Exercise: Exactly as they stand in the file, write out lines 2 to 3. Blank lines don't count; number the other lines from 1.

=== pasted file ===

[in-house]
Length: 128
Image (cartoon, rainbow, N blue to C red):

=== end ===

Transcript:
Length: 128
Image (cartoon, rainbow, N blue to C red):